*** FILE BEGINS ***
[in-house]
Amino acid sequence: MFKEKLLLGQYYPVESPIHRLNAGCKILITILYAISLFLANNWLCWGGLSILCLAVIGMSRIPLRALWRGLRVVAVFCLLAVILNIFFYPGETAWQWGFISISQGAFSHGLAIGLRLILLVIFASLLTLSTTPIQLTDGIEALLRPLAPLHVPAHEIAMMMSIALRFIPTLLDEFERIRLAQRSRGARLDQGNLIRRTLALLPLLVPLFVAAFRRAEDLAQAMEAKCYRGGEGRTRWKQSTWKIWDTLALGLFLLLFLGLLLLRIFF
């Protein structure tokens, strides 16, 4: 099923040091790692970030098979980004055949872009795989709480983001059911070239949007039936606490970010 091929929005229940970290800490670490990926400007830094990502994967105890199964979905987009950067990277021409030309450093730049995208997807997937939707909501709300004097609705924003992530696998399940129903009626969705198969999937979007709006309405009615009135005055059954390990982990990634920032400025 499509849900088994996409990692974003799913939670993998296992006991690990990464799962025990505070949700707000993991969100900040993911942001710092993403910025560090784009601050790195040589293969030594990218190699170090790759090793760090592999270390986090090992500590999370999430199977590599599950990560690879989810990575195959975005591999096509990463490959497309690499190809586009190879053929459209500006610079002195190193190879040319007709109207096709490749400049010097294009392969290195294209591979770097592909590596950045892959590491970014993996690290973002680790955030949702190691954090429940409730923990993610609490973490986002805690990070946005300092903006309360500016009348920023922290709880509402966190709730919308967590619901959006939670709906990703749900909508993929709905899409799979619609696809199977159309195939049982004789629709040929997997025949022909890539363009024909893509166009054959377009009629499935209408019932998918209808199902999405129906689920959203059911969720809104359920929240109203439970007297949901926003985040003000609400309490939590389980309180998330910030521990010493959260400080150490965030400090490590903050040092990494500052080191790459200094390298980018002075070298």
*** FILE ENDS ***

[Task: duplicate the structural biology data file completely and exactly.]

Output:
[in-house]
Amino acid sequence: MFKEKLLLGQYYPVESPIHRLNAGCKILITILYAISLFLANNWLCWGGLSILCLAVIGMSRIPLRALWRGLRVVAVFCLLAVILNIFFYPGETAWQWGFISISQGAFSHGLAIGLRLILLVIFASLLTLSTTPIQLTDGIEALLRPLAPLHVPAHEIAMMMSIALRFIPTLLDEFERIRLAQRSRGARLDQGNLIRRTLALLPLLVPLFVAAFRRAEDLAQAMEAKCYRGGEGRTRWKQSTWKIWDTLALGLFLLLFLGLLLLRIFF
């Protein structure tokens, strides 16, 4: 099923040091790692970030098979980004055949872009795989709480983001059911070239949007039936606490970010 091929929005229940970290800490670490990926400007830094990502994967105890199964979905987009950067990277021409030309450093730049995208997807997937939707909501709300004097609705924003992530696998399940129903009626969705198969999937979007709006309405009615009135005055059954390990982990990634920032400025 499509849900088994996409990692974003799913939670993998296992006991690990990464799962025990505070949700707000993991969100900040993911942001710092993403910025560090784009601050790195040589293969030594990218190699170090790759090793760090592999270390986090090992500590999370999430199977590599599950990560690879989810990575195959975005591999096509990463490959497309690499190809586009190879053929459209500006610079002195190193190879040319007709109207096709490749400049010097294009392969290195294209591979770097592909590596950045892959590491970014993996690290973002680790955030949702190691954090429940409730923990993610609490973490986002805690990070946005300092903006309360500016009348920023922290709880509402966190709730919308967590619901959006939670709906990703749900909508993929709905899409799979619609696809199977159309195939049982004789629709040929997997025949022909890539363009024909893509166009054959377009009629499935209408019932998918209808199902999405129906689920959203059911969720809104359920929240109203439970007297949901926003985040003000609400309490939590389980309180998330910030521990010493959260400080150490965030400090490590903050040092990494500052080191790459200094390298980018002075070298």